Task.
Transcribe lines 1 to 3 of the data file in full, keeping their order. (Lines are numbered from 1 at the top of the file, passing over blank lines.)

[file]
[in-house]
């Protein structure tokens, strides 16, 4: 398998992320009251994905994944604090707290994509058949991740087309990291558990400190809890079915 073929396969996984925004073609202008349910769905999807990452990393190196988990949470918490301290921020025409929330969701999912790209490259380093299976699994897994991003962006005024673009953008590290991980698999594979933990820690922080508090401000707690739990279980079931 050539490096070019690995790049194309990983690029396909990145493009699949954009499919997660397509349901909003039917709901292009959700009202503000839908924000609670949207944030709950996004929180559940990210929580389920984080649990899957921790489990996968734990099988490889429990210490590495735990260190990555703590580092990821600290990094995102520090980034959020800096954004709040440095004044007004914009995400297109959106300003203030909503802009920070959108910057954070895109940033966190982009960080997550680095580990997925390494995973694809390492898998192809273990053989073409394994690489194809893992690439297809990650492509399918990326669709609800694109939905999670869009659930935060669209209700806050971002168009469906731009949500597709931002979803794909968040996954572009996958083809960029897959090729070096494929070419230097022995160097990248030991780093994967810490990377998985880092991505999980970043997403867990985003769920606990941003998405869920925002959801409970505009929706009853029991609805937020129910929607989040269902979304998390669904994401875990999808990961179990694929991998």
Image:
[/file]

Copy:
[in-house]
């Protein structure tokens, strides 16, 4: 398998992320009251994905994944604090707290994509058949991740087309990291558990400190809890079915 073929396969996984925004073609202008349910769905999807990452990393190196988990949470918490301290921020025409929330969701999912790209490259380093299976699994897994991003962006005024673009953008590290991980698999594979933990820690922080508090401000707690739990279980079931 050539490096070019690995790049194309990983690029396909990145493009699949954009499919997660397509349901909003039917709901292009959700009202503000839908924000609670949207944030709950996004929180559940990210929580389920984080649990899957921790489990996968734990099988490889429990210490590495735990260190990555703590580092990821600290990094995102520090980034959020800096954004709040440095004044007004914009995400297109959106300003203030909503802009920070959108910057954070895109940033966190982009960080997550680095580990997925390494995973694809390492898998192809273990053989073409394994690489194809893992690439297809990650492509399918990326669709609800694109939905999670869009659930935060669209209700806050971002168009469906731009949500597709931002979803794909968040996954572009996958083809960029897959090729070096494929070419230097022995160097990248030991780093994967810490990377998985880092991505999980970043997403867990985003769920606990941003998405869920925002959801409970505009929706009853029991609805937020129910929607989040269902979304998390669904994401875990999808990961179990694929991998």
Image: